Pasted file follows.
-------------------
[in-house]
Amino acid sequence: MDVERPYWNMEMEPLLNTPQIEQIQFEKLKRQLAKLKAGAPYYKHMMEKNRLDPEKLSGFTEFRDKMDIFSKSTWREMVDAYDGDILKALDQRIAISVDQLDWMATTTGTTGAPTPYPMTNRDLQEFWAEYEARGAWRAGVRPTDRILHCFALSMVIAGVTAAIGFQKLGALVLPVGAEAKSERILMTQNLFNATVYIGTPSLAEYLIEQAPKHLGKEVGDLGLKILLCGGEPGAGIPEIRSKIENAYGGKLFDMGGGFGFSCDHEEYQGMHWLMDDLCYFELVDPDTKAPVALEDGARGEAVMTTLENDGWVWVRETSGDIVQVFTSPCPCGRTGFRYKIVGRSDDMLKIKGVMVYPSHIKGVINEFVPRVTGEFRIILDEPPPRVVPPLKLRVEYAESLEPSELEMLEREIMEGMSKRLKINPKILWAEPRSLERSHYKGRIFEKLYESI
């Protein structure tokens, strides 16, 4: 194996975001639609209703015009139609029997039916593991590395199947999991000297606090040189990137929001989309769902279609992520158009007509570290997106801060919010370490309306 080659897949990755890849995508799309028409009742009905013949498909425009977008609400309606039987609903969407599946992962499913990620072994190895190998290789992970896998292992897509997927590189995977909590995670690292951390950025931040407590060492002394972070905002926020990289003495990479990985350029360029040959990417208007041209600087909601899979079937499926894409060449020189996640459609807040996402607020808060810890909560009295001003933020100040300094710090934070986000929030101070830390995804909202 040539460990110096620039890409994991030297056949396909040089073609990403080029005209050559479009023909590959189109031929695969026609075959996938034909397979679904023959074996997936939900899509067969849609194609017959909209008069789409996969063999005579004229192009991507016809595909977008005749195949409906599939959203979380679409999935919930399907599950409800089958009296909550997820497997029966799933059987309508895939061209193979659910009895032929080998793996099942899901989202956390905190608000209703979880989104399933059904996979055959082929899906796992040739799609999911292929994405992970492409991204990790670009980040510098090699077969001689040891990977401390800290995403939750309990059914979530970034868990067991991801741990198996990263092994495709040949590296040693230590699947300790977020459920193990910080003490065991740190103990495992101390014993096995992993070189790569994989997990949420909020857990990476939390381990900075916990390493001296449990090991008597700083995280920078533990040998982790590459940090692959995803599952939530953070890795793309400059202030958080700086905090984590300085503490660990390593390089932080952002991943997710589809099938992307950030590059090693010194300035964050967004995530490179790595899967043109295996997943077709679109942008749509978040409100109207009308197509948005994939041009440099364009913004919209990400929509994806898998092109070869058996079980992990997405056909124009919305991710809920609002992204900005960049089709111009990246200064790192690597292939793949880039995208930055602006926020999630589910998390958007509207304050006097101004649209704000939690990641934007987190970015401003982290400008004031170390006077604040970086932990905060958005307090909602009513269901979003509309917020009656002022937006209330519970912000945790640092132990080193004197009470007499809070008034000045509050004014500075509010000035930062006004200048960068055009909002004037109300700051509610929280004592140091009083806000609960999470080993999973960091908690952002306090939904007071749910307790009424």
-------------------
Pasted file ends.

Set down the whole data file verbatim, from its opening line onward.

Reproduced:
[in-house]
Amino acid sequence: MDVERPYWNMEMEPLLNTPQIEQIQFEKLKRQLAKLKAGAPYYKHMMEKNRLDPEKLSGFTEFRDKMDIFSKSTWREMVDAYDGDILKALDQRIAISVDQLDWMATTTGTTGAPTPYPMTNRDLQEFWAEYEARGAWRAGVRPTDRILHCFALSMVIAGVTAAIGFQKLGALVLPVGAEAKSERILMTQNLFNATVYIGTPSLAEYLIEQAPKHLGKEVGDLGLKILLCGGEPGAGIPEIRSKIENAYGGKLFDMGGGFGFSCDHEEYQGMHWLMDDLCYFELVDPDTKAPVALEDGARGEAVMTTLENDGWVWVRETSGDIVQVFTSPCPCGRTGFRYKIVGRSDDMLKIKGVMVYPSHIKGVINEFVPRVTGEFRIILDEPPPRVVPPLKLRVEYAESLEPSELEMLEREIMEGMSKRLKINPKILWAEPRSLERSHYKGRIFEKLYESI
């Protein structure tokens, strides 16, 4: 194996975001639609209703015009139609029997039916593991590395199947999991000297606090040189990137929001989309769902279609992520158009007509570290997106801060919010370490309306 080659897949990755890849995508799309028409009742009905013949498909425009977008609400309606039987609903969407599946992962499913990620072994190895190998290789992970896998292992897509997927590189995977909590995670690292951390950025931040407590060492002394972070905002926020990289003495990479990985350029360029040959990417208007041209600087909601899979079937499926894409060449020189996640459609807040996402607020808060810890909560009295001003933020100040300094710090934070986000929030101070830390995804909202 040539460990110096620039890409994991030297056949396909040089073609990403080029005209050559479009023909590959189109031929695969026609075959996938034909397979679904023959074996997936939900899509067969849609194609017959909209008069789409996969063999005579004229192009991507016809595909977008005749195949409906599939959203979380679409999935919930399907599950409800089958009296909550997820497997029966799933059987309508895939061209193979659910009895032929080998793996099942899901989202956390905190608000209703979880989104399933059904996979055959082929899906796992040739799609999911292929994405992970492409991204990790670009980040510098090699077969001689040891990977401390800290995403939750309990059914979530970034868990067991991801741990198996990263092994495709040949590296040693230590699947300790977020459920193990910080003490065991740190103990495992101390014993096995992993070189790569994989997990949420909020857990990476939390381990900075916990390493001296449990090991008597700083995280920078533990040998982790590459940090692959995803599952939530953070890795793309400059202030958080700086905090984590300085503490660990390593390089932080952002991943997710589809099938992307950030590059090693010194300035964050967004995530490179790595899967043109295996997943077709679109942008749509978040409100109207009308197509948005994939041009440099364009913004919209990400929509994806898998092109070869058996079980992990997405056909124009919305991710809920609002992204900005960049089709111009990246200064790192690597292939793949880039995208930055602006926020999630589910998390958007509207304050006097101004649209704000939690990641934007987190970015401003982290400008004031170390006077604040970086932990905060958005307090909602009513269901979003509309917020009656002022937006209330519970912000945790640092132990080193004197009470007499809070008034000045509050004014500075509010000035930062006004200048960068055009909002004037109300700051509610929280004592140091009083806000609960999470080993999973960091908690952002306090939904007071749910307790009424």